Christmas cake recipes tend to be handed down as part of the family tradition and the same cake mixture and decorative scheme produced year on year. And that’s a great part of Christmas: tradition. After all, if your granny or other family member hit upon a perfect recipe that works time after time, why change things?
The thing is, there are some rather fabulous looking cakes being created and shared across the internet via You Tube. So today’s post rounds up some of the amazing designs for your delectation and delight – and you never know, you might just be inspired to follow the tutorial and have a go at something just that bit different this year!
The first tutorial I’m going to share with you is for a cake in the design of a penguin. The end result is a super cute cake that must prove extremely difficult to cut into. After all that hard work, you’ll really need to take lots of photos before wielding the knife. Although I love this design, personally, I cannot stand desiccated coconut and as this is a key ingredient, this won’t be a cake I’ll be tackling myself. The tutorial does not cover how to make the actual cake or chocolate ganache but explains how to create the penguin shape and design. In total, it’s just over 10 minutes long.
Another stunning looking design is this Christmas Wreath cake. In terms of practicality, the wreath shape will work well when you come to slice it up to share with friends and family. You’ll be able to slice it into smaller pieces for anyone who’s trying to hold back from over indulgence at this festive time, but still wants a “taste”. If you want to have go at making this cake yourself, you will need a grass tip for the green frosting.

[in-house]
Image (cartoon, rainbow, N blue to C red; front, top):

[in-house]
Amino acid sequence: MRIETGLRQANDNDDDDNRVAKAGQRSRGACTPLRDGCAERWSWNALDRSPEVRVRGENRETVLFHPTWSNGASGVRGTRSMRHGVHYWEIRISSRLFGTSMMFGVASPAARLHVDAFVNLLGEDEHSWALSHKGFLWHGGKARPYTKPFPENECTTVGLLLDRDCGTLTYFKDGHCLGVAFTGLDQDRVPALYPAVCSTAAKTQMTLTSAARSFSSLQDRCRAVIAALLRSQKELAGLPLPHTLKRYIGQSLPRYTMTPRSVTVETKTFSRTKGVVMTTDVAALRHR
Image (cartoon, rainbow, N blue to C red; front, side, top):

For me, chocolate is not a traditional Christmas cake flavour or ingredient. Dried fruit, nuts, alcohol: yes, chocolate: not so much. However, that’s not to say that I’m not open to new ideas. And this cake from Steve’s Kitchen could just persuade me that chocolate is the way to go!
I think this is an innovative idea – creating a round cake that resembles a Christmas pudding is a good idea of itself. But to then cover it in Maltesers (and who doesn’t love them) is just brilliant. With this video, you get step by step instructions on how to make the cake, as well as how to produce the fabulous decoration. Now, I haven’t tried this cake but my thoughts are that there’s rather a lot of cake in each slice and there might be some merit in slicing through each half and adding some additional frosting, perhaps a layer of buttercream? Anyway, you decide!
This next video is a tutorial showing how to make a “Christmas Tree” cake. One of the things I like about this video is that the instructions appear as subtitles so it’s easy to see what the next step is and what equipment you need without the danger of missing anything spoken. And, of course, it’s easy to press “pause” if needs be.
As this cake is made from several layers, you need some form of dowelling to provide the strength for to help support the weight of the cake above. You will need a cake dummy for the base or, if using real edible cake, additional dowels or supports will be required.
This is a fun cake to make and would look very special on the big day. You can always change the decorating scheme and choose your own design. For some reason, whilst drifting off to sleep last night, I imagined it with a pink and silver theme – you know, pink frosting instead of the green – which might just look very winter wonderland. It’s up to you! It doesn’t require any special skills to make so why not give it a go? Do feel free to share any pics with us here at Crafty Bug if you do make a Christmas Tree cake.
Now if you fancy a bright cake that will really cheer up the dark and drab days of deepest winter, I commend the following to you! Definitely not a traditional fruit cake with royal icing, it’s a bright and breezy festive green and red with oodles of buttercream frosting. The tutorial doesn’t cover making the actual cake batter but starts with the assumption you have already done this. It focuses on how to get the fabulous stripy effect and I think the method of layering the different coloured batters in the baking tins seems straightforward to do. Not too time consuming but a really striking result at the end. And of course, you could always add your own flavouring as well as the colourings to either or both the cake batters and frosting. It might be fun to choose a flavouring which no-one would expect from the colour scheme. Lemon for example. Or even a festive almond and amaretto taste!